The teacher unions and StudentsFirst, the organization headed by former District of Columbia schools chancellor Michelle Rhee, aren’t the only groups pouring money into the public debate over education reform in the state.
The Connecticut Business and Industry Association, the state’s largest business lobby which made education a priority this year, is taking to the airwaves Monday with two television and radio advertisements in support of Gov. Dannel P. Malloy’s education proposal. The statewide campaign will run in broadcast and cable television markets, including Fairfield County, and the two radio spots, including a Spanish-speaking version, will run during morning and evening drive time.
“Shouldn’t Connecticut move ahead with real reform?” the narrator asks as the ominous music gets more upbeat. “Put children first. Keep the promise of a great education. The opportunity for success. Support the Governor’s reform proposals.”
The second ad, called “Poverty Is Not An Excuse,” challenges what Malloy has been hearing as he travels the state to talk to the public about his reforms: “Poverty plays a big role in Connecticut’s education crisis.”
Advocates touting Malloy’s bill say teachers are using poverty as an excuse. But others say it’s impossible to ignore the impact that poverty has on academic achievement. They say Malloy’s bill does little to address the issue of poverty, placing most of the responsibility on teachers who will receive tenure based in part on a new evaluation system that considers student performance.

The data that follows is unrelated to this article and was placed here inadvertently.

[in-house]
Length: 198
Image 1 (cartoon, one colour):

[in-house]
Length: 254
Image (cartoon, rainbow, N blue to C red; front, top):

Both ads end with a call to action asking the public to call their legislators.
The ads run counter to the message the Connecticut Education Association, the state’s largest teachers union, is pushing with its new ad released last week that calls Malloy’s education proposal a “bad science experiment.” The ad asks the public to support the reform package proposed by the legislature’s Education Committee.
Meanwhile, there’s little being done at the state Capitol to forge consensus over the issue. Lawmakers are talking to lawmakers and the teachers’ unions while the governor is talking to the public about his proposal. The two sides have no formal talks scheduled and there’s only three weeks left in the legislative session.